Old Treasury Building Melbourne

The Kodak ‘Instamatic’ was introduced in 1963. Small, compact, and easy to use, the camera had a huge impact on amateur photography. It featured easily loaded film cartridges: users dropped a film cartridge into the back of the camera. The cameras had a flash for indoor and night photography and took colour and black & white print film as well as colour slide film.

Instamatics were produced in Melbourne by Kodak Australasia. There was a wide range available, ranging in price from just $5.95 to over $100. More than 75 million Instamatics were sold worldwide.

Further reading

Online sources

Museums Victoria

National Gallery of Victoria

National Library of Australia

Powerhouse Museum

State Library Victoria



Adam Ethan Berner, ‘Making a Family: The history and theory behind family photos

Angeletta Leggio, ‘A history of Australia’s Kodak manufacturing plant

Ann Copeland, ‘Who’s that girl? Dating a 19th century photograph

Barbara Levine and Stephanie Snyder, Snapshot Chronicles: Inventing the American Photo Album, New York, Princeton Architectural Press, 2007

Blake Morrison, ‘The Power of Photography: Time, Mortality and Memory

Carly Earl and Margot Riley, ‘From daguerreotypes to glass plate negatives: Australia’s oldest images – photo essay

Christina Kotchemidova, ‘Why we say “Cheese”: Producing the Smile in Snapshot Photography’, Critical Studies in Media Communication, Vol. 22, No. 1, March 2005

Elisa DeCourcy, ‘Remaking history: how recreating early daguerreotype photographs gave us a window to the past

Elizabeth Siegel, Galleries of Friendship and Fame: A History of Nineteenth-Century American Photograph Albums, New Haven, Yale University Press, 2010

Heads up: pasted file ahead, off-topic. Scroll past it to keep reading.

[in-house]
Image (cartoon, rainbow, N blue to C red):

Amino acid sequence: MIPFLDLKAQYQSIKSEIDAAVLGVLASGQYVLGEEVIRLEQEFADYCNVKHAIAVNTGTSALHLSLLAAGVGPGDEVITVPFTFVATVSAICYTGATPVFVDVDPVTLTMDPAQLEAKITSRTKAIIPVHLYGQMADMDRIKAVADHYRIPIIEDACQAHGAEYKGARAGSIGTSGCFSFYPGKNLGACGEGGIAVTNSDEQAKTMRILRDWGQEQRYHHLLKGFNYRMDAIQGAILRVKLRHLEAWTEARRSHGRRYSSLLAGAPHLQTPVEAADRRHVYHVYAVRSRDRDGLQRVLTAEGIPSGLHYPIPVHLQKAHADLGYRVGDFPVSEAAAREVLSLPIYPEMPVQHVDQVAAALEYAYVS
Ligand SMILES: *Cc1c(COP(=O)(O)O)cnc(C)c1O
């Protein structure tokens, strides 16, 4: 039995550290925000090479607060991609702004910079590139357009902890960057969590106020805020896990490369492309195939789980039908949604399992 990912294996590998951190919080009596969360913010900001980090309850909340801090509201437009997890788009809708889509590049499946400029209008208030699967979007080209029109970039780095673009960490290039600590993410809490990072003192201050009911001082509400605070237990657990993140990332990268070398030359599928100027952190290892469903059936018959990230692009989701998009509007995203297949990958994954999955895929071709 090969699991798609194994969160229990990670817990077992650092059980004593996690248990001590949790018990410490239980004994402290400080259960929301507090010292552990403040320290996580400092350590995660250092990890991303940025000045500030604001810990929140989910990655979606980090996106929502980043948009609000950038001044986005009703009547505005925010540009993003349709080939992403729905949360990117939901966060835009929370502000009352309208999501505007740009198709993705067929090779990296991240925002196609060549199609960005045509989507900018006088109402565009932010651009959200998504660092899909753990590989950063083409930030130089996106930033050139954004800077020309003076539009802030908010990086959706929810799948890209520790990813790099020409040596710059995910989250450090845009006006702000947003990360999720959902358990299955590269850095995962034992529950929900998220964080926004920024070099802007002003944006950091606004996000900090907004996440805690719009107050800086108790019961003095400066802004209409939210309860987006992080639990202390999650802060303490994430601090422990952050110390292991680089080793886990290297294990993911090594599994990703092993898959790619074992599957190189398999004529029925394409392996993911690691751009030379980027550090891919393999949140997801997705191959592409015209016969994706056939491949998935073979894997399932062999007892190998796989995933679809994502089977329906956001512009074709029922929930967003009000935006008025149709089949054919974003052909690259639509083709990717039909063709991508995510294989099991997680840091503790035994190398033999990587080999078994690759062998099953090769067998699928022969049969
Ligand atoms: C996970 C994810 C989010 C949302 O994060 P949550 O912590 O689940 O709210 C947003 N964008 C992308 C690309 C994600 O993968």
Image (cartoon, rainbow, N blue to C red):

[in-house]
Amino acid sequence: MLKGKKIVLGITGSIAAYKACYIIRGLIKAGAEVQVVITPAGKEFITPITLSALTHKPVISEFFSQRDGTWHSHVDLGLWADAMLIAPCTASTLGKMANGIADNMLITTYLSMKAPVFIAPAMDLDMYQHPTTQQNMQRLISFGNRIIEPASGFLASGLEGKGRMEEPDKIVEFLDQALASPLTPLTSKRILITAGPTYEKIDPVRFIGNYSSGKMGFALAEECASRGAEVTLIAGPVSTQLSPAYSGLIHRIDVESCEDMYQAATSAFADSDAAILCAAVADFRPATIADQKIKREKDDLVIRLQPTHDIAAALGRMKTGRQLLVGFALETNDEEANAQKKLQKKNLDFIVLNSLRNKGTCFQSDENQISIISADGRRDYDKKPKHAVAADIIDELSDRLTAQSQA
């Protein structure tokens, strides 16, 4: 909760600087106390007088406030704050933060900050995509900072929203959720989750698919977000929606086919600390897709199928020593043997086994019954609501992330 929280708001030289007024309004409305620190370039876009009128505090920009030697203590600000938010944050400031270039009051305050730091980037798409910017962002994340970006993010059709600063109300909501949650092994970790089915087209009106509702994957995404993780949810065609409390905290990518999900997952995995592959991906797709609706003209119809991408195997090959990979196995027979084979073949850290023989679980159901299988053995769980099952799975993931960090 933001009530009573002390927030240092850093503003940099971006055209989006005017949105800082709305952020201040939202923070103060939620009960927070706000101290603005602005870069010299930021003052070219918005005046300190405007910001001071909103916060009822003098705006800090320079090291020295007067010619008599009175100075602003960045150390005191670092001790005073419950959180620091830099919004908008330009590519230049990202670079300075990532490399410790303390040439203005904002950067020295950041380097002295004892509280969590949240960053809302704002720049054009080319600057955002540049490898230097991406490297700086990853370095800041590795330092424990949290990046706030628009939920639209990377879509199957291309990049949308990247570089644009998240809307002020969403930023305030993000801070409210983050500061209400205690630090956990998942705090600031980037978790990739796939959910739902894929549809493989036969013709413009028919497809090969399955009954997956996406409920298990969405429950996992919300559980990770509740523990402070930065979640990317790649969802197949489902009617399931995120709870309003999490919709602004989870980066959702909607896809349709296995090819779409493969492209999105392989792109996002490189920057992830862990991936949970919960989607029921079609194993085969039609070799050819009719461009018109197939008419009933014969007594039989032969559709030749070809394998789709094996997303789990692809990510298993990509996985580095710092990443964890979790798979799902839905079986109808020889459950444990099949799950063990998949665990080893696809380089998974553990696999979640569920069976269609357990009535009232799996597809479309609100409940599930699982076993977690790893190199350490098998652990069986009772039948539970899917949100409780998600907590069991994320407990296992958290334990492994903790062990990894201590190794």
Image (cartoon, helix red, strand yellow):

Helen Ennis, ‘Other histories: photography and Australia’, Journal of Art Historiography, No. 4, June 2011

Jaap Boerdam and Warna Oosterbaan Martinius, ‘Family Photographs – A Sociological Approach’, The Netherlands’ Journal of Sociology, Issue 16, 1980

Jason Benjamin, ‘A case for photographs’, University of Melbourne Collections, Issue 5, November 2009

Jeffrey Mifflin, ‘Metaphors for Life Itself’: Historical Photograph Albums, Archives and the Shape of Experience and Memory’, Review Essay, The American Archivist, Vol. 75, Spring/Summer 2012

Kamal A. Munir and Nelson Phillips, ‘The Birth of the ‘Kodak Moment’: Institutional Entrepreneurship and the Adoption of New Technologies

Kodak in Australasia’, Museums Victoria

Mette Sandbye, ‘Looking at the family photo album: a resumed theoretical discussion of why and how

Mia Fineman, ‘Kodak and the Rise of Amateur Photography

Nicolá Goc, ‘Snapshot Photography, Women’s Domestic Work, and the “Kodak Moment”, 1910s-1960s

Stephen Burstow, The Carte de Visite and Domestic Digital Photography

Susan Long, ‘Self-representation in the nineteenth century’, The La Trobe Journal, No. 106, September 2001